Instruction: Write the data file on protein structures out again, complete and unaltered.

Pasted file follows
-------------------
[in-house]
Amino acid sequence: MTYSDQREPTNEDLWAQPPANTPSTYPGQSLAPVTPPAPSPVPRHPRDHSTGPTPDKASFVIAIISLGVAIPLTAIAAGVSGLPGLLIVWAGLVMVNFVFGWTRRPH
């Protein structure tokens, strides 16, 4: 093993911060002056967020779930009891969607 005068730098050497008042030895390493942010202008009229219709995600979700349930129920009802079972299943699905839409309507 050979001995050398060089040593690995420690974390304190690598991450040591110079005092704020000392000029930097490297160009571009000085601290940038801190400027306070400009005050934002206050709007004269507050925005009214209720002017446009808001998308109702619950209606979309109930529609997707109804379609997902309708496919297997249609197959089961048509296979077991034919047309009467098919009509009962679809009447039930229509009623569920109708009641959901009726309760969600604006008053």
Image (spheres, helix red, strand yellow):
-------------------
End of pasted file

[in-house]
Amino acid sequence: MTYSDQREPTNEDLWAQPPANTPSTYPGQSLAPVTPPAPSPVPRHPRDHSTGPTPDKASFVIAIISLGVAIPLTAIAAGVSGLPGLLIVWAGLVMVNFVFGWTRRPH
């Protein structure tokens, strides 16, 4: 093993911060002056967020779930009891969607 005068730098050497008042030895390493942010202008009229219709995600979700349930129920009802079972299943699905839409309507 050979001995050398060089040593690995420690974390304190690598991450040591110079005092704020000392000029930097490297160009571009000085601290940038801190400027306070400009005050934002206050709007004269507050925005009214209720002017446009808001998308109702619950209606979309109930529609997707109804379609997902309708496919297997249609197959089961048509296979077991034919047309009467098919009509009962679809009447039930229509009623569920109708009641959901009726309760969600604006008053």
Image (spheres, helix red, strand yellow):